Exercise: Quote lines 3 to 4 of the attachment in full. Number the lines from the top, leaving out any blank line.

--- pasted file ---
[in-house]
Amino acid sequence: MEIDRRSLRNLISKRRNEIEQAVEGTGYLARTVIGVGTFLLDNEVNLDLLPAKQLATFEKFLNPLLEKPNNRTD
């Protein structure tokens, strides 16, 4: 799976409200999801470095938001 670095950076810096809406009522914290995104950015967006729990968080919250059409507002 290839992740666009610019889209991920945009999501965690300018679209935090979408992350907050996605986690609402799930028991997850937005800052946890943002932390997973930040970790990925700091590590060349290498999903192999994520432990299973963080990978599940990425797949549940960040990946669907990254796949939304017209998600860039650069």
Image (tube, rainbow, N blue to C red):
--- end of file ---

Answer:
């Protein structure tokens, strides 16, 4: 799976409200999801470095938001 670095950076810096809406009522914290995104950015967006729990968080919250059409507002 290839992740666009610019889209991920945009999501965690300018679209935090979408992350907050996605986690609402799930028991997850937005800052946890943002932390997973930040970790990925700091590590060349290498999903192999994520432990299973963080990978599940990425797949549940960040990946669907990254796949939304017209998600860039650069």
Image (tube, rainbow, N blue to C red):